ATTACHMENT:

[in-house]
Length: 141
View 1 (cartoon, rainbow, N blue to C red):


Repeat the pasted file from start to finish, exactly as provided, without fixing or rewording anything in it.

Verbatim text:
[in-house]
Length: 141
View 1 (cartoon, rainbow, N blue to C red):